by Bayard Taylor
He was a boy when first we met;
His eyes were mixed of dew and fire,
And on his candid brow was set
The sweetness of a chaste desire:
But in his veins the pulses beat
Of passion, waiting for its wing,
As ardent veins of summer heat
Throb through the innocence of spring.
As manhood came, his stature grew,
And fiercer burned his restless eyes,
Until I trembled, as he drew
From wedded hearts their young disguise.
Like wind-fed flame his ardor rose,
And brought, like flame, a stormy rain:
In tumult, sweeter than repose,
He tossed the souls of joy and pain.
So many years of absence change!
I knew him not when he returned:
His step was slow, his brow was strange,
His quiet eye no longer burned.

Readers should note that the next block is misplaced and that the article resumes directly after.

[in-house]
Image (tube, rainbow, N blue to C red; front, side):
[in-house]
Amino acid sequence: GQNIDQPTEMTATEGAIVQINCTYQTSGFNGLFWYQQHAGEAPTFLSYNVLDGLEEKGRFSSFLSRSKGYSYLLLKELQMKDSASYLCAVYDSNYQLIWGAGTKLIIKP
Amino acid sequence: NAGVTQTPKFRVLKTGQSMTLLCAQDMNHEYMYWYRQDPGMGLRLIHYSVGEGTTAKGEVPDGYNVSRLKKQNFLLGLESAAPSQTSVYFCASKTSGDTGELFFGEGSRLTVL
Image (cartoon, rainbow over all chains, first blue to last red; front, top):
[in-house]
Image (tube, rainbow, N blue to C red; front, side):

When at my heart I heard his knock,
No voice within his right confessed:
I could not venture to unlock
Its chambers to an alien guest.
Then, at the threshold, spent and worn
With fruitless travel, down he lay:
And I beheld the gleams of morn
On his reviving beauty play.
I knelt, and kissed his holy lips,
I washed his feet with pious care;
And from my life the long eclipse
Drew off; and left his sunshine there.
He burns no more with youthful fire;
He melts no more in foolish tears;
Serene and sweet, his eyes inspire
The steady faith of balanced years.
His folded wings no longer thrill,
But in some peaceful flight of prayer:
He nestles in my heart so still,
I scarcely feel his presence there.
O Love, that stern probation o'er,
Thy calmer blessing is secure!
Thy beauteous feet shall stray no more,
Thy peace and patience shall endure!
The lightest wind deflowers the rose,
The rainbow with the sun departs,
But thou art centred in repose,
And rooted in my heart of hearts!
Source:The Poet's Journal
Ticknor and Fields, Boston